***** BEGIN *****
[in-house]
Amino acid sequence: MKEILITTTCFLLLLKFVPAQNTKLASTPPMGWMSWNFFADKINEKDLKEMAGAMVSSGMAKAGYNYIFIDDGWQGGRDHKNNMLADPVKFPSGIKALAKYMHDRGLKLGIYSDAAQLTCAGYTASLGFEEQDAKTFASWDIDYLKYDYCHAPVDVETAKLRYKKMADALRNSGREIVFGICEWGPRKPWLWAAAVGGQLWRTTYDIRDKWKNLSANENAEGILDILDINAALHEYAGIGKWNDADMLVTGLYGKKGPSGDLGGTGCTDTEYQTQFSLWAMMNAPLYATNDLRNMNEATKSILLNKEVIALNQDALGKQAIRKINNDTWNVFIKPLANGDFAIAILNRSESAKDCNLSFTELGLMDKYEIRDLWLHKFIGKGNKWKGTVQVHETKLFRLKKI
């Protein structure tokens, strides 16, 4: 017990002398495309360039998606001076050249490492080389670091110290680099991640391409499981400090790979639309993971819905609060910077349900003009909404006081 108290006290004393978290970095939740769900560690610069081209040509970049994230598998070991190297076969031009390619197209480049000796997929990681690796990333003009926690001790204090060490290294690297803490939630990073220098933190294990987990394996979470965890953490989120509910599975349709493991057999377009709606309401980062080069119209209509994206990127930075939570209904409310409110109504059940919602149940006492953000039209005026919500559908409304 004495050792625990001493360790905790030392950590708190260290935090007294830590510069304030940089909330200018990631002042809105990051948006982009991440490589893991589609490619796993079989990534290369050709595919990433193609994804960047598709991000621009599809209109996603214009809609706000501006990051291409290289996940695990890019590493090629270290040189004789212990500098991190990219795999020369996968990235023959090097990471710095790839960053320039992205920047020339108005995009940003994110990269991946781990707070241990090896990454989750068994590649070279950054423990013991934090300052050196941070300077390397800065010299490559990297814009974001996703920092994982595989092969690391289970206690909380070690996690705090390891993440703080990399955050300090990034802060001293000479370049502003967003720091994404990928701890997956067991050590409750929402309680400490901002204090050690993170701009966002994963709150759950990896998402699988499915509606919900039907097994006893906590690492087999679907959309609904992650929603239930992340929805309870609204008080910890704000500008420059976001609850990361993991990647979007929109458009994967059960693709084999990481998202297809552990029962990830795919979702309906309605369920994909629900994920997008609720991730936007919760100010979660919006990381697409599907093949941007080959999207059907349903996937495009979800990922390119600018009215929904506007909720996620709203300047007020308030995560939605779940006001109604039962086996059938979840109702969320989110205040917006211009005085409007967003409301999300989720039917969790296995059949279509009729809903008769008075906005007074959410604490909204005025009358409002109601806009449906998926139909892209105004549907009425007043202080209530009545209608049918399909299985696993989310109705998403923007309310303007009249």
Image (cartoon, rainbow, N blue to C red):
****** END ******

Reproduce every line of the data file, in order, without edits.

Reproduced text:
[in-house]
Amino acid sequence: MKEILITTTCFLLLLKFVPAQNTKLASTPPMGWMSWNFFADKINEKDLKEMAGAMVSSGMAKAGYNYIFIDDGWQGGRDHKNNMLADPVKFPSGIKALAKYMHDRGLKLGIYSDAAQLTCAGYTASLGFEEQDAKTFASWDIDYLKYDYCHAPVDVETAKLRYKKMADALRNSGREIVFGICEWGPRKPWLWAAAVGGQLWRTTYDIRDKWKNLSANENAEGILDILDINAALHEYAGIGKWNDADMLVTGLYGKKGPSGDLGGTGCTDTEYQTQFSLWAMMNAPLYATNDLRNMNEATKSILLNKEVIALNQDALGKQAIRKINNDTWNVFIKPLANGDFAIAILNRSESAKDCNLSFTELGLMDKYEIRDLWLHKFIGKGNKWKGTVQVHETKLFRLKKI
């Protein structure tokens, strides 16, 4: 017990002398495309360039998606001076050249490492080389670091110290680099991640391409499981400090790979639309993971819905609060910077349900003009909404006081 108290006290004393978290970095939740769900560690610069081209040509970049994230598998070991190297076969031009390619197209480049000796997929990681690796990333003009926690001790204090060490290294690297803490939630990073220098933190294990987990394996979470965890953490989120509910599975349709493991057999377009709606309401980062080069119209209509994206990127930075939570209904409310409110109504059940919602149940006492953000039209005026919500559908409304 004495050792625990001493360790905790030392950590708190260290935090007294830590510069304030940089909330200018990631002042809105990051948006982009991440490589893991589609490619796993079989990534290369050709595919990433193609994804960047598709991000621009599809209109996603214009809609706000501006990051291409290289996940695990890019590493090629270290040189004789212990500098991190990219795999020369996968990235023959090097990471710095790839960053320039992205920047020339108005995009940003994110990269991946781990707070241990090896990454989750068994590649070279950054423990013991934090300052050196941070300077390397800065010299490559990297814009974001996703920092994982595989092969690391289970206690909380070690996690705090390891993440703080990399955050300090990034802060001293000479370049502003967003720091994404990928701890997956067991050590409750929402309680400490901002204090050690993170701009966002994963709150759950990896998402699988499915509606919900039907097994006893906590690492087999679907959309609904992650929603239930992340929805309870609204008080910890704000500008420059976001609850990361993991990647979007929109458009994967059960693709084999990481998202297809552990029962990830795919979702309906309605369920994909629900994920997008609720991730936007919760100010979660919006990381697409599907093949941007080959999207059907349903996937495009979800990922390119600018009215929904506007909720996620709203300047007020308030995560939605779940006001109604039962086996059938979840109702969320989110205040917006211009005085409007967003409301999300989720039917969790296995059949279509009729809903008769008075906005007074959410604490909204005025009358409002109601806009449906998926139909892209105004549907009425007043202080209530009545209608049918399909299985696993989310109705998403923007309310303007009249």
Image (cartoon, rainbow, N blue to C red):